metro illustrations A smart casual nightmare (Picture: Liberty Antonia Sadler) Is there any phrase more chilling than ‘smart casual’? Picture the scene: you’re scanning the invite, getting excited about the event when – bam – there it is: ‘Smart casual dress code’ hidden at the bottom. What does is even mean? Men’s smart casual is, arguably, easier – it’s smart shoes and no tie, right? How smart is too smart. Are trainers OK? No, but we’ll get to that. When it comes to women’s smart casual, more questions abound. Flats or heels? Bare shoulders or covered? Should I wear a hat? Take a deep breath, try not to panic. We’ve come up with six, handy ideas for both men and women’s outfits that will help you nail that dress code and be the belle of the casual ball. 1. If in doubt, go smarter Don’t turn up in black tie or anything – you do that, you’re on your own. But if you are unsure, it’s better to be a little overdressed than under. Smart elements can be easily removed: ties can come off, up-dos can come down but not even Queen Anna Wintour herself could magic up smart shoes out of the clean blue air. 2. Don’t wear anything you’d wear to work Smart casual is meant to be fun, a chance to shed the stuffy office attire your wear day in, day out. Suits – skirt or otherwise – should be left in the wardrobe. Men, opt for a relaxed but well-fitting shirt and, when it comes to shoes, swap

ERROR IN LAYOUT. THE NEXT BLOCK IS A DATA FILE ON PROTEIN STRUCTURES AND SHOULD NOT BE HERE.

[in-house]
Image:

trainers for something classic such as a loafer or brogue. For women, almost anything goes as female footwear tends to multitask better. Unless you work on a farm. Wellies are a hard no. metro illustrations Too smart. Too smart! (Picture: Ella Byworth for Metro.co.uk) 3. Don’t wear anything you’d never wear at work We’re talking T-shirts. We’re talking sequins. We’re talking anything you got for free on a bar crawl. Imagine that you’ve bumped into your boss and you’re wearing it. Done? Now once you’ve stopped shaking, hang it back in the wardrobe and step away. 4. Yes, you can wear jeans Contrary to popular belief, jeans are absolutely acceptable as smart-causal attire. If in doubt, go for a darker wash and a tailored fit. Add a heel to dress them up and add a white shirt for a classic pairing. It should go without saying but rips are a no-no, baggy cuts are out and if your underwear is visible, you should probably never wear them again. If they were trendy in 2002, they are not smart casual. 5. Blaze(r) a trail Blazers are the answer to your sartorial dilemmas and they are an easy smart-casual win for women and men alike. They go with jeans, they go with dresses and they provide warmth. So, ladies, you can finally burn that pashmina. A blazer puts the ‘smart’ in ‘smart casual’. However, men should be aware that ‘blazer’ does not mean ‘suit jacket’ and that a hodge-podge of office wear and chinos does not a smart-causal outfit make. See rule number two. More: Fashion zone post image for post 8847039 Woman has major fashion fail, ordering clothes made so small they fit her dog zone post image for post 8810186 Backstage makeup tips from Paris Fashion Week AW19 zone post image for post 8821177 Buckle skirt looks like a loincloth but is getting a lot of love from festival-goers 6. Dress for success Dresses are a staple of any women’s smart-casual wardrobe. They may be a staple of a man’s smart-casual wardrobe. Regardless of how you identify, there are some dress rules that we all must follow. Essential, the clue is in the title: wrap dress, tea dress, midi-dress. These are all acceptable prefixes for a smart-casual dress code. Mini dress, lucky dress, bridesmaid’s dress and fancy dress, however…no, no, no and absolutely not. Thin straps are fine but consider taking a cover-up just in case, such as – altogether now – a blazer. As for hemlines: I don’t want to come over all headmistress-y but you need to find a happy medium – literally. Too short is inappropriate and floor length is overkill. Aim for the knee, you can’t go wrong.